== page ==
The picture of “heaven open and Gods angels ascending and descending” in the present context is drawn from Jacobs vision of the ladder “resting on the earth, with its top reaching to heaven, and the angels of God were ascending and descending on it [or ‘him, i.e., Jacob]” (Gen. 28:12).” As the angels ascended and descended on Jacob (who later was renamed “Israel’”)—a sign of Gods revelation and reaffirmation of faithfulness to his promises made to Abraham (Ridderbos 1997: 93)—so the disciples are promised further divine confirmation of Jesus’ messianic identity.”* When Jacob awoke from his dream, he exclaimed, “How awesome is this place. This is none other than the house of God; this is the gate of heaven” (Gen. 28:17); and he called that place “Bethel,” which means “house of God.”
What Jesus tells Nathanael, then, is that he himself will be the place of much greater divine revelation than that given at previous occasions. He will mediate greater revelation than Abraham (8:58), Jacob (4:12-14), Moses (1:17—18; 5:45-47; 9:28-33), and Isaiah (12:37-41). Jesus is the “new Bethel,’ the place where God is revealed, where heaven and earth, God and humankind, meet. . . . Importantly, though, Jesus is the very culmination of all of God’s revelatory expressions (cf. 1:14–18), providing a fullness of divine self-disclosure about which even Jacob (Israel) could only dream; and these disciples, who as of yet know little of what awaits them, will soon be witnesses of revelation far exceeding that received by any Israelite in previous history. (John, 85–86)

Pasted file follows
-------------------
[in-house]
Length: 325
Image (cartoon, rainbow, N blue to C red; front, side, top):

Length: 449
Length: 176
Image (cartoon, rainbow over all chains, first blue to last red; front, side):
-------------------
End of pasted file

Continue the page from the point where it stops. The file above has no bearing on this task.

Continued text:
Returning to the point that John is writing his Gospel to show how Jesus fulfills the Law and the Prophets, it’s worthwhile to see how Jesus’s word harmonize the words of Moses (Genesis 28) and Daniel (7:13–14). As Edward Klink states, “The two visions echoed here from Genesis 28 and Daniel 7 fit uniquely together, with aspects taken from each.”
The reference to heaven opening is reminiscent of the visions themselves and symbolizes the power and love of God being revealed in Jesus. The ascending and descending angels over Jesus represent the “glory” to be displayed in Jesus’s ministry (cf. 1:14). It reflects that God is with Jesus from beginning of his ministry to the end. Finally, the Son of Man brings power, glory, and the kingdom together in the person of Jesus. The explication of the title Son of Man is not completed, however, for the person of Jesus is intimately connected to this world-they work done in obedience and unto death. This is the grand irony, clearly misunderstood by the disciples even at the end of Jesus‘s ministry at Central to the Gospel account. (Edward J. Klink, John, 154–55)